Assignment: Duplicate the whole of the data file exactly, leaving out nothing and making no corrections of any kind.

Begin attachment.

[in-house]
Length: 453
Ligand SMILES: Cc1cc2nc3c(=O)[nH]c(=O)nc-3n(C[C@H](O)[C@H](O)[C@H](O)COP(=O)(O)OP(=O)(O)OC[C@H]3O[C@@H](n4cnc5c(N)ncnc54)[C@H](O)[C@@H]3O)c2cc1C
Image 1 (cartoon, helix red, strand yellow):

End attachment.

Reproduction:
[in-house]
Length: 453
Ligand SMILES: Cc1cc2nc3c(=O)[nH]c(=O)nc-3n(C[C@H](O)[C@H](O)[C@H](O)COP(=O)(O)OP(=O)(O)OC[C@H]3O[C@@H](n4cnc5c(N)ncnc54)[C@H](O)[C@@H]3O)c2cc1C
Image 1 (cartoon, helix red, strand yellow):